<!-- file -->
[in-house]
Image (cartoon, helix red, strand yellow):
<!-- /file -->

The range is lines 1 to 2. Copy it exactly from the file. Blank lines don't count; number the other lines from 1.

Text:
[in-house]
Image (cartoon, helix red, strand yellow):